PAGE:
Whitetail ushered in the first day of winter with a glorious event! Their Winterfest was filled with good skiing, snowboarding, snow tubing, and lots of Christmas fun. Christmas carols were piped out to the slopes. Guests received unlimited free hot chocolate and popcorn. Little children built displays of snowmen and slid down the hills. The one that caught my eye was a snowman dressed in a mountain host jacket. A sign was posted near him which read, “A mountain host never stands so tall as when they kneel to help a child.”
As the sun went down, the lights came on on the ski slopes, illuminating the snow and enhancing visibility in the somewhat grey light. Flames then sprang up from the flat area near the ski lifts. A handsome log cabin, filled with wood, was torched by the staff of the mountain operations who built it. The bonfire was a tribute to the coming winter and the Christmas season. Hundreds of people stood around and watched the cabin burn, while others continued their adventures on the slopes, under the lights.
10 of 19 trails were open, and all were groomed. The expert runs on the back side were not yet ready for sport, but there is some snow on Exhibition. Of the intermediates, Angel Drop, Limelight, Homerun, and Stalker were open and well utilized but not crowded. The snow got heavy as the day progressed, and provided a real work out. The Terrain Park, Jib Junction, and Park Place were in full swing, and the more adventuresome younger set were having a great time. All the beginner trails were open, and I found them to be the most satisfying as the day grew warmer. I could dance down all five of them, and regain the style I had lost in the heavier snow of the intermediate trails.
I am certain it was more fun spending the pre Christmas season at Whitetail than it was fighting the crowds in the malls. But we could not escape the Christmas rush. Interstate 270 was slow and jammed driving to Whitetail; perhaps a lot of the drivers were looking for bargains in the Frederick shopping malls. The biggest crush was the merge from 270 to 70. The traffic added about an hour to the trip, which usually takes no more than an hour and a half from the Washington Metro area.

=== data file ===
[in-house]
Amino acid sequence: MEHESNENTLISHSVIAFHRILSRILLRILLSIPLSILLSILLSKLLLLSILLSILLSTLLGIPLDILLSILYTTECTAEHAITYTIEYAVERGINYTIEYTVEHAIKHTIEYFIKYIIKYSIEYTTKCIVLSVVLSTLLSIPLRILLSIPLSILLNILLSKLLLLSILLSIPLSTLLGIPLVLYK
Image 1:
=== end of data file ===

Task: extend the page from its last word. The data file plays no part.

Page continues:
Once there, it was great to see old friends at Whitetail. General manager Don MacAskill was rushing around, making certain all went smoothly. We even saw him carry out two huge bags of trash.
One person we are always thrilled to see is Buddy Hauk, the Mountain Host Supervisor. He can always be spotted wearing his big black cowboy hat, and sporting a large smile. Buddy and his team have recently won an award for the Best Overall Guest Services Program for resorts with 100,000 to 250,000 skier visits. The award was given by the National Ski Areas Association, based in Colorado.
“We view all who visit Whitetail as our personal guests. All who work as a Mountain Host consider themselves responsible and accountable to each guest,” says Hauk. It is a good philosophy, and is evident throughout Whitetail. Now, if we can only make certain nature continues to cooperate!
When she wasn't skiing, Connie Lawn covered the White House as a reporter since 1968.
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